At the risk, therefore, of repetition, it must again be pointed out that words and phrases which are crucial for any doctrine of immortality as taught by Christ in the Gospels, so far from implying or suggesting an absolute termination, whether nearer or more distant, to that future which the speakers or writers have in mind, seem to indicate that no such idea was ever present to them; and in some passages, which are neither isolated nor unimportant, a fair interpretation of the writer’s thought in the light of the context appears to exclude the possibility of any such limit being found at any definite point or place in the ‘age’ towards which his gaze is directed.

ζωὴ, εἰσελθεῖν εἰς τὴν ζωήν, σώζεσθαι, σωτηρία.

There remains a group of words and phrases to be referred to, which with more or less distinctness characterize the future, or contrast it with the conditions of the present. All of them, when used in their fullest sense, imply non-mortality, but they do not bear directly upon the question of the duration of existence after death, which, as we have seen, has come to be the chief element in the connotation of the term ‘immortality.’ The chief of these is ζωή with its derivatives, including the phrases of which it forms a part, ζωή in the Gospels is not mere physical life, but is an expression for the higher life, the life which is life indeed, life in its fullest, richest aspects. Such life was in the Word (John 1:4); it is Christ’s gift to His disciples (John 10:28, cf. John 6:33); nay, He is Himself ‘the life’ (John 11:25, John 14:6). It is so good a possession that to ‘enter into life’ is worth the sacrifice of an eye or a limb (Matthew 18:8 f. || Mark 9:43; Mark 9:45). It begins after death (John 5:24)—not in a temporal sense, but when θάνατος as a state ceases to be; and it is a ‘resurrection of life’ to which the well-doers will come forth from the tomb (John 5:29). ‘To have life in himself’ is an attribute of the Father, and is His gift to the Son (John 5:26); and this ‘life’ or ‘eternal life’ is repeatedly stated to be the present possession of the believer (John 3:15 f, John 3:36, John 6:47; John 6:54), the gift of Christ which some of them wilfully refuse (John 5:40), and which the unbelieving will not see (John 3:36), but which is emphatically declared to be the final end of His coming into the world (John 10:10, cf. John 20:31). The words which He has spoken are ζωή (John 6:63), and His commandment is ζωή αἰώνιος (John 12:50). None of these passages suggests that the thought of a termination of the ‘life’ was present to the mind of the Speaker; some are hardly compatible with such a thought, and others absolutely forbid it (e.g. John 1:4; John 5:26). This ζωή, therefore, is fittingly represented as αἰώνιος.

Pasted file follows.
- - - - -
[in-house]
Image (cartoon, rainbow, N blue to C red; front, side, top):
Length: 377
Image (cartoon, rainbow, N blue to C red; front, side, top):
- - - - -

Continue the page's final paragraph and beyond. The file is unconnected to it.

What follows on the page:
A similar absence of limitation will be found to characterize expressions such as σώζεσθαι, σωτηρία, etc., which describe the future from the point of view of deliverance from the present, its calamities and its evils. These terms, however, are not in themselves suggestive of duration, except so far as their results are involved; and, as doctrinal terms, belong in the New Testament rather to the Epistles than to the Gospels. In the e

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Bibliography Information
Hastings, James. Entry for 'Immortality (2)'. Hastings' Dictionary of the New Testament. 1906-1918.